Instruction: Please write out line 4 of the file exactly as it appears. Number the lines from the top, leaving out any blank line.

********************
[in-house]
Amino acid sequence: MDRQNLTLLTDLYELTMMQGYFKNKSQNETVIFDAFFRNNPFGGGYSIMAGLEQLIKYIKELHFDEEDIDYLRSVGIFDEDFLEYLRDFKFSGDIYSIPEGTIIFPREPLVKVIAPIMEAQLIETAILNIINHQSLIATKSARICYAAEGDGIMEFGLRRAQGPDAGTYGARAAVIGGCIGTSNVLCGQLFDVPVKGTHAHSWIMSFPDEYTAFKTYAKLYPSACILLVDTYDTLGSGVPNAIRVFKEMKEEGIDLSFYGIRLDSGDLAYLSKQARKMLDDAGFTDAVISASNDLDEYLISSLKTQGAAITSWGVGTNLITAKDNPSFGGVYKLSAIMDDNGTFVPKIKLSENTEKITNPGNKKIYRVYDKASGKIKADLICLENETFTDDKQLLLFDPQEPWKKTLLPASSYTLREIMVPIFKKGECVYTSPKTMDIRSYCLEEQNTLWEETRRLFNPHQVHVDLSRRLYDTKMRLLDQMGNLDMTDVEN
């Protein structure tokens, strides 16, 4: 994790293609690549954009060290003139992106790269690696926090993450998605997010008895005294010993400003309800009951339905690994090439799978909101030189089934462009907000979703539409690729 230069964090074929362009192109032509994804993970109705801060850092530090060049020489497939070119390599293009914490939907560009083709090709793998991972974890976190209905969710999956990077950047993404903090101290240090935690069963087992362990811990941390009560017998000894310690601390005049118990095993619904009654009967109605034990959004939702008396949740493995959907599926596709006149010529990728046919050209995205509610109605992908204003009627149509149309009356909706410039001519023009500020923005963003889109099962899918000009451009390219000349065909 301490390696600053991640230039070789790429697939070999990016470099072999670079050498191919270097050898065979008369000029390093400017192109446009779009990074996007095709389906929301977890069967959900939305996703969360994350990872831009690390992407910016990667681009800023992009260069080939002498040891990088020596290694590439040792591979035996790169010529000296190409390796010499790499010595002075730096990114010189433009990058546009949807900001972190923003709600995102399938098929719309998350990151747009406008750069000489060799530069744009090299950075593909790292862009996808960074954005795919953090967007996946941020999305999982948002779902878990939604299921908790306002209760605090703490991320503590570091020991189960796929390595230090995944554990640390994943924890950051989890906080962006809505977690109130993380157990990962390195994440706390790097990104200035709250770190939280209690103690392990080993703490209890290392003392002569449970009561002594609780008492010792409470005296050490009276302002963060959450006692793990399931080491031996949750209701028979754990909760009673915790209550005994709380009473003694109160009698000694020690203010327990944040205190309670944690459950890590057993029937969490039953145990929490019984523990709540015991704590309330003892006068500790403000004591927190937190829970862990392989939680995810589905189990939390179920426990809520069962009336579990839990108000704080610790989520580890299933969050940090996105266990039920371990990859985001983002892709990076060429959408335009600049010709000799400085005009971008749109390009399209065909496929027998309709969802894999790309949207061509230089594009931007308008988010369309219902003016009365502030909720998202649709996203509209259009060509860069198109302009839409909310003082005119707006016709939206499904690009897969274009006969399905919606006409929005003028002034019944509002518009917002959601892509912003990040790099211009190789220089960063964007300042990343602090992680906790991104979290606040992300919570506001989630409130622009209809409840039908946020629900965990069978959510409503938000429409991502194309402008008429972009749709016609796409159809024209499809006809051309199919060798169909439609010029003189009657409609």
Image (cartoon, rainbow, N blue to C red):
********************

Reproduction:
Image (cartoon, rainbow, N blue to C red):